waded out into the river and captured the poor mad girl,
and taking her into the deep grass, he killed her
with the shock of his body, and he placed her back
into the river, and Laertes said, Alas, then she is drown'd!
Too much of water hast thou, poor Ophelia.

Textual References
"The Rape of Ophelia": Adapted from William Shakespeare's Hamlet 4.7.146ff.

First Published
Front Cover Foot (1) September 1959.
Published in San Francisco, California. Edited by Richard Duerdan. Cover art of a pair of human feet by Robert Duncan.

Featured five poems by Brautigan: "The Rape of Ophelia," "Postcard from Chinatown," "The Nature Poem," "Horse Race," and "The Last Music is Not Heard."
Also featured work by [Burgess] Jess Collins, Robert Duncan, Larry Eigner, Philip Whalen, Gary Snyder, and others.
"The Last Music Is Not Heard"
It was a river in the mountains, I guess there are many
rivers in the mountains, flowing through our dreams into
death and deep pools. The water was so clear that I could
see the expressions on their faces as they looked up at me
from their glass coffins. I looked under the water and saw
an old lady smiling, she had no teeth nor hair,
I think she was the sister of Jesus, and I saw
a beautiful girl in her coffin, she was holding onto a dry
toy while trout swam across her face. There must have
been five thousand people buried in glass coffins under the
river, and I walked along the bank, looking down at them
as if they were fingers on my left hand.

First Published
Front Cover Foot (1) September 1959.
Published in San Francisco, California. Edited by Richard Duerdan. Cover art of a pair of human feet by Robert Duncan.

Featured five poems by Brautigan: "The Rape of Ophelia," "Postcard from Chinatown," "The Nature Poem," "Horse Race," and "The Last Music is Not Heard."
Also featured work by [Burgess] Jess Collins, Robert Duncan, Larry Eigner, Philip Whalen, Gary Snyder, and others.
"The Octopus Frontier"
   1
A pleasure palace
on the octopus frontier.
Perhaps that's
the answer.
An eight-armed whore
in the cabin
of a sunken ship,
the walls covered
with obscene octopus pictures.
She beckons to me.
Passion and gin.
Why not?

   2
A homestead
on the octopus frontier.
Perhaps that's
the answer.
A flock of chickens
in front of a cabin
at the bottom
of the ocean.
They seem contented
scratching in the sand
for oysters.
"The Potato House of Julius Caesar"
O Potatoes!
The Roman Empire of Potatoes!

All peelings lead to Rome
and Julius Caesar eats French fries

while the ides of March
have potato eyes . . .

   (Then Brutus to the Idaho of Death
   Then Marc Antony to
Idaho.)

Textual References
"Julius Ceasar": See William Shakespeare’s play Julius Caesar (1599).
"The Fever Monument"*
   I walked across the park to the fever monument.
It was in the center of a glass square surrounded
by red flowers and fountains. The monument
was in the shape of a sea horse and the plaque read
We got hot and died.

First Published
J (1) 1959: n. pg.
J magazine was privately published in San Francisco, California, 1959-1961, eight issues. Edited by Jack Spicer and George Stanley.

Printed on 8.5" x 11" mimeographed sheets.

Also featured work by Robert Duncan, James Alexander, Ebbe Borregaard, Robin Blaser, Jack Spicer, Joe Dunn, Sam the Tenor Man, and Kay Johnson.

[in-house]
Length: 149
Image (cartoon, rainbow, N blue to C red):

Selected Reprintings
A First Reader of Contemporary American Poetry. Ed. Patrick Gleason. Columbus, Ohio: Merrill, 1969. 23-26.
Included eight poems by Brautigan: "In a Cafe," "The Wheel," "The Sidney Greenstreet Blues," "The Fever Monument," "Horse Race," "Our Beautiful West Coast Thing," and "The Pomegranate Circus," and "General Custer Versus the Titanic."

Seven Watermelon Suns: Selected Poems of Richard Brautigan. The Cowell Press: University of California at Santa Cruz, 1974.
A speciality press collection of seven works by Brautigan, each printed as a separate 6" x 8.5" broadside with embossed color etchings by Ellen Meske. One of the seven poems reprinted was "The Fever Monument."
"The Winos on Potrero Hill"*
Alas, they get
their bottles
from a small
neighborhood store.
The old Russian
sells them port
and passes no moral
judgement. They go
and sit under
the green bushes
that grow along
the wooden stairs.
They could almost
be exotic flowers,
they drink so
quietly.

Textual References
"Potrero Hill": A neighborhood in San Francisco.

Selected Reprintings
Front Cover Just What The Country Needs, Another Poetry Anthology. Eds. James McMichael and Dennis Saleh. Belmont, CA: Wadsworth, 1971. xii, 22-26, 185.
6.5" x 9.5", 190 pages
A poetry anthology collecting 124 poems by 30 poets, including Brautigan.

Includes biographical notes for each contributor and an introduction by X. J. Kennedy, who says,
Anyone who cares for poetry ought to encounter much to delight and startle him here. Among such gratifications for me was . . . Richard Brautigan, abruptly popular, whose best work (see "The Winos on Potrero Hill") moves with a beautiful transparency. (xii)
Reprints five poems by Brautigan: "The Winos on Potrero Hill," "The Quail," "The Pill versus The Springhill Mine Disaster," "Discovery," and "Adrenalin Mother," all from The Pill versus The Springhill Mine Disaster.

The biographical note for Brautigan reads:
Richard Brautigan published several small books of poetry in limited editions and then collected them in one volume, The Pill versus The Springhill Mine Disaster, published first by Four Seasons Foundation and them by Delacorte. He has also published three novels and a book of new poems, Rommel Drives On Deep into Egypt. Brautigan is 36 and has lived in San Francisco for many years.
"Mike"
We walked along the pier